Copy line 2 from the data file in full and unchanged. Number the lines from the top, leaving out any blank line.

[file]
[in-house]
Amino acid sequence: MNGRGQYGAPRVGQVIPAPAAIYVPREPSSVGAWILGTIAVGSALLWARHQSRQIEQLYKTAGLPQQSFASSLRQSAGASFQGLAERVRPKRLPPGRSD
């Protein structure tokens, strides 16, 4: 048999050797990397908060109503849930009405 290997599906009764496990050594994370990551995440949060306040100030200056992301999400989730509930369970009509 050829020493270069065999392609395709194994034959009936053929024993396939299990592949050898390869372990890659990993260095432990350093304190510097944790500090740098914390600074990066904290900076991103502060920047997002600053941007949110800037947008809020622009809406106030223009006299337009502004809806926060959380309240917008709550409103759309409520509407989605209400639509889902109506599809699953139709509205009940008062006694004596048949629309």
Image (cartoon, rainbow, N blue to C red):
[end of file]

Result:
Amino acid sequence: MNGRGQYGAPRVGQVIPAPAAIYVPREPSSVGAWILGTIAVGSALLWARHQSRQIEQLYKTAGLPQQSFASSLRQSAGASFQGLAERVRPKRLPPGRSD